The global data center market is expected to grow by 7.5 percent in the next 10 years to US$209.8bn. The projected UK growth sits much higher, rising by a compound annual growth rate of 10 percent over the same period, reaching a value of nearly US$7.4bn by the end of 2032.

Building the facilities needed to make this growth happen will come with challenges, particularly amidst the current landscape of rising costs and increased risk. However, both barriers can be tackled by adopting the integrated project delivery (IPD) model that ensures a collaborative approach to contracts as early as pre-concept phase.

Here's a look at how this works.

Get stakeholders onside

Unlike the more traditional early contractor involvement (ECI) followed by a guaranteed maximum price (GMP) model, where the contractor bears the additional financial risk should a project exceed its budget, the IPD approach ensures all project stakeholders collaborate from the outset on one contract. This means contractors would gain more design clarity and cost certainty to reduce the risks on delivery timelines and cost escalation. Stakeholder risk is also more appropriately allocated to provide more long-term stability and assurance.

Here's how this mitigates the challenges of the current market: The collaborative nature of an IPD model allows clients to gain better quality completion by preventing schedule delays and budget overruns. According to an academic study, 68 percent of the experienced practitioners reported better project quality, 67 percent shorter schedules and 63 percent cost savings when switching to an IPD model. It also offers the potential for much less contractual conflict between multiple stakeholders, as their focus remains on the collective project outcome.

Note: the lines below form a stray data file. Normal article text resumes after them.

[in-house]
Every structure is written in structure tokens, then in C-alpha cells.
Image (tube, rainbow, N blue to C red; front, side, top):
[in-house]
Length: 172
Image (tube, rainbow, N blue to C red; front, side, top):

In the long-term, contractors are afforded greater certainty surrounding project pipelines allowing them to secure materials faster, reduce risks on delivery timelines and address and mitigate the escalation of costs. Clients are able to have better oversight on rates, much like a traditional framework agreement.


Despite the clear benefits of the IPD model, its use is still in its infancy across the data center sector compared to its use in other areas of construction.

There are several reasons for this. In many cases, the rapid pace of growth of the data center market has resulted in contractors and consultants falling behind in terms of more innovative approaches being used elsewhere in construction. In addition, projects are not always at the scale required for IPD to be effective or are simply not set up to accommodate an integrated approach. It would require projects worth over £80M or a campus of projects delivered in phases for IPD to reach its full potential.

In other cases, the IT infrastructure and data privacy policies held by each project stakeholder do not meet a sufficiently high standard for efficient collaboration. Data centers require security, confidentiality and adherence to stringent GDPR compliance, and the notion of sharing information regarding the facilities’ construction, layout and capacity, as needed with an IPD approach, could be a potential risk for some clients.

Another factor limiting IPD’s rollout is the perception that it is a new, relatively untried, and untested way of doing things. As a newer concept within the data center market, it currently lacks the use case examples many clients want to see before adopting.

Despite these barriers, the IPD approach undoubtedly has advantages and has the potential to increase the speed to market, so it should be considered now more than ever.

For clients to embrace IPD, they would need reassurance on several points, not least those relating to data security and non-disclosure issues. While this may be a challenge, the benefits of greater collaboration between stakeholders and greater certainty around project costs can be persuasive, especially given the data center sectors’ vulnerability to external factors, including changing interest rates. Case studies should be sought too, by speaking to those who operate the model in other sectors.

In the right hands, the IPD model can deliver for the data center sector, not least in a world where uncertainty would otherwise render a project undeliverable.